Archive for December, 2010

Using a Unitronics Jazz PLC/HMI to collect Provideam Data

December 30th, 2010 No comments

We were recently asked to supply a ProvDAQ based on the Unitronics Jazz PLC and HMI combo. This blog describes how we assembled and tested the ProvDAQ-Jazz. We tested the unit both with the Unitronics ‘free’ OPC server and the Kepware Modbus Server.

Fig.1: Photo of ProvDAQ-Jazz with Test Box.

The Jazz is a low cost controller which, with a little coding, provides a highly effective interface between Provideam and your control system. The Jazz will accept between 6 and 18 digital inputs depending on the model you select and these can be configured to drive Good/Defect Part Counters or to indicate Machine Operating/Downtime Modes. In addition the Jazz front end can be used to indicate the current status of the Machine and also to allow the user to select from a list of pre-defined Downtime Reasons.

To test the Jazz we built a Pushbutton Test Box which allowed us to simulate hardwired signals from a Machine. We then modified the Provideam Demo Application so that the signals for ‘AssemblyMC1’ were generated by the Jazz, instead of the Provideam Demo Application.

The Test Box provided the following controls;

Run/Stop Switch:

While the switch was set to ‘run’ the ProvDAQ-Jazz displayed the message, ‘Machine Running’. In addition the Green LED, of a combined Red/Green LED lamp, lit.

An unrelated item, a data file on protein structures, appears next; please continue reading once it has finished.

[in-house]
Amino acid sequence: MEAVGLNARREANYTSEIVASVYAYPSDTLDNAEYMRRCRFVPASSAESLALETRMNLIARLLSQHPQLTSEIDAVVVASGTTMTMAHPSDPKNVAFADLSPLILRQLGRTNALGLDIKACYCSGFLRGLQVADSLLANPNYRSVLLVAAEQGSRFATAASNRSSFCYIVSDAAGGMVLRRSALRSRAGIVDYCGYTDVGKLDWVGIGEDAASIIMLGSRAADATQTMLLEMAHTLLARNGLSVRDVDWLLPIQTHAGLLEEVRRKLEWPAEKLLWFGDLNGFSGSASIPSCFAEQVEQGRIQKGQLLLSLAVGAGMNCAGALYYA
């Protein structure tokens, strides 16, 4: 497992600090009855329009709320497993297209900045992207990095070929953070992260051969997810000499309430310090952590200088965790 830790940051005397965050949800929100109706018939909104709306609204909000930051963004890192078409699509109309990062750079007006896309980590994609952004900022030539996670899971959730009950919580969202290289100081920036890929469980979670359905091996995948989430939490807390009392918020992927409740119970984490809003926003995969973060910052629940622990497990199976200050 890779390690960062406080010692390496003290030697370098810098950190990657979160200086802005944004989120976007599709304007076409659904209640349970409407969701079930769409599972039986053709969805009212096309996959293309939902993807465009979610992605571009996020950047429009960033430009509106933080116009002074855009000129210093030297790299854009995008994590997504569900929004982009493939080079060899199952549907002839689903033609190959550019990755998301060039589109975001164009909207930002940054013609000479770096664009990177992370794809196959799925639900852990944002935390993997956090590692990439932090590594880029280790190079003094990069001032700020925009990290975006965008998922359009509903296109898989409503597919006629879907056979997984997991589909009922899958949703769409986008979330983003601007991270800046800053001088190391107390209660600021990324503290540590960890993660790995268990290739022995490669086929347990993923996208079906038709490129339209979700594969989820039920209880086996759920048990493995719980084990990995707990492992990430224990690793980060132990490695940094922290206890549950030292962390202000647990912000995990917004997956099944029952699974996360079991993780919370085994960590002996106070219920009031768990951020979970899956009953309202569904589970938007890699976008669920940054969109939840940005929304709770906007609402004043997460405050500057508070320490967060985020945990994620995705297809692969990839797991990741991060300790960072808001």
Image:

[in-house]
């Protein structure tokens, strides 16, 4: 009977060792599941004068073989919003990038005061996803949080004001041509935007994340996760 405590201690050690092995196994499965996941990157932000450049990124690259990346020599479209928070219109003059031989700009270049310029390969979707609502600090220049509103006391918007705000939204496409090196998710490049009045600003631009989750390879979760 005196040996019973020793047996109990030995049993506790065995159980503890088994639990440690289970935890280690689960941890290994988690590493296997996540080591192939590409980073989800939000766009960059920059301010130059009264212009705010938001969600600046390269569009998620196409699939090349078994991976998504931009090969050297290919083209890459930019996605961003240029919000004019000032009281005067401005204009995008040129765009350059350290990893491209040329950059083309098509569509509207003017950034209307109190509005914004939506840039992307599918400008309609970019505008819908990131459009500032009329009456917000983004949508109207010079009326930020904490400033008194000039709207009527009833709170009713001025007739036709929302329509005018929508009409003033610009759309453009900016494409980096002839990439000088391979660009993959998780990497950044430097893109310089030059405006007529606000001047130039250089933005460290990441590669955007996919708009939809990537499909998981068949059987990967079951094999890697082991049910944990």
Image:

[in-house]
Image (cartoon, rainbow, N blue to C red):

Fig. 2: Jazz Display while Machine Running



When the Run/Stop Switch was set to ‘stop’, the Red LED lamp flashed and the Jazz prompted the user to enter a reason. Once the user entered a reason the Red LED lamp lit continuously.

Fig. 3: Jazz Display when Machine Stops



By pressing the down arrow the user could scroll through the list of available Downtime Reasons. 

Fig. 4 Jazz Display while scrolling through Downtime Reasons



When the appropriate Downtime Reason is displayed, the user presses the Enter key to select the reason. 

Fig. 5: Jazz Display when Downtime Reason has been selected.



Once a Downtime Reason has been selected the Red LED is lit continuously.

Note: If at any time the user wishes to change the reason, a new selection can be made by pressing the ‘information’ key on the Jazz.

Downtime Reason 1 Pushbutton

As well as being able to select a Downtime Reason via the Jazz interface we also assigned Downtime Reasons to two inputs. Pressing either of these buttons caused the associated Downtime Reason to be selected.

Downtime Reason 1 -> ‘Output Block’

Downtime Reason 2 Pushbutton

Downtime Reason 2 -> ‘Welder Stuck Up’

Good Parts Pushbutton

Pressing the Good Parts Pushbutton incremented the Good Parts Count. Two Defect Counts were also assigned, one for ‘Defects at Tester’ and the other for ‘Defects at Vision System’

Defect Parts 1 Pushbutton

Defect Parts 1 -> ‘Defects at Vision System’

Defect Parts 2 Pushbutton

Defect Parts 2 -> ‘Defects at Tester’

To integrate the ProvDAQ-Jazz with the Provideam Demo the OPC configuration must be modified. We integrated the Jazz both with the Kepware Modbus OPC Server and the Unitronics OPC Server. Our preference would always be to use the Kepware Server, however the Unitronics OPC Server is free and if price is an issue it is perfectly acceptable for smaller applications.